The boiler tube failures that Electricity Minister Kgosientso Ramokgopa blamed for the recent bout of severe power cuts, reaching Stage 6 at the weekend, were preventable, according to civil nuclear engineer Hugo Kruger.
“It’s (the current load shedding) due to not handling the control parameters properly, it is not due to the ageing of the plant. It tells me that Eskom’s entire reliability maintenance and boiler tube prevention programme collapsed,” he said on Sunday.
In a media briefing, Ramokgopa said there had been nine units failing simultaneously due to boiler tube leaks, which contributed to a loss of 4 400MW in a space of two days and the higher stages of load shedding.
“We are expecting to return these units by Wednesday. By Tuesday we’re going to see significant reduction going back to those levels levels 4, 3, 2 and 1 and also periodically not having no load shedding,” he said.
The remarks came at a time when South Africans were frustrated that the severe load shedding stage happened hours after President Cyril Ramaphosa told the country during his State of the Nation Address (Sona) on Thursday that the “worst is behind us and the end of load shedding is finally within reach”.
Public Enterprises Deputy Minister Obed Bapela also told reporters ahead of Sona that Stage 3 would be the highest to be implemented until power cuts would be history by 2025.
Coming to his bosses’ defence, Ramakgopa said Ramaphosa was also in the dark about the sudden crisis at the time of his speech.
Ramokgopa said Stage 6 was not a common occurrence.
“You don’t have to believe me. Relative to the same period last year and if there’s an improvement, the lights are on most of the time, it means that the team are moving in the right direction.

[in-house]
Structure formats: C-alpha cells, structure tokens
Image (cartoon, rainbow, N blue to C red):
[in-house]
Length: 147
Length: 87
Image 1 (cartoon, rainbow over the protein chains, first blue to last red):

We have outperformed, if you like, the summer plan and that’s why the president is saying that we are ahead of the curve. We can see that there’s a light at the end of the tunnel.”
Eskom said five generating units (50%) were taken out of service due to boiler tube leaks, resulting in insufficient generation capacity.
“Additionally, the delay in returning three units from planned maintenance also contributed to inadequate generation capacity and increased reliance on emergency reserves. The need to replenish the emergency reserves and inadequate generation capacity necessitated the implementation of Stage 6 load shedding until further notice. An update on the power system’s status will be provided on Sunday afternoon,” Eskom said.
Unplanned outages were at 17 595MW of generating capacity, while the capacity out of service for planned maintenance was 6 885MW.
By Sunday, Eskom had successfully replenished its pumped storage dam levels and brought back some generation units to service over the past 48 hours.
“This enabled the reduction of load shedding to Stage 5 from 12 midday until further notice. “Eskom will closely monitor the power system and communicate any changes to load shedding should it be required. Eskom power station general managers and their teams continue to work diligently to ensure that a total of 3 200MW is returned to service by Wednesday evening.
Eskom’s evening peak demand tonight is 25 290MW.”
University of Stellenbosch School of Public Leadership Professor Mark Swilling said load shedding could end by 2025 if there was a commitment “to bring renewables online as quickly as possible”.
“It can be built very quickly. Come in on time, on budget. That’s the best way to bring new generation capacity on to the grid as quickly as possible.
“There is a large amount of renewables in the pipeline that can be connected during 2024. The problem is the grid is constrained.
Large parts of the grid are at maximum capacity,” he said.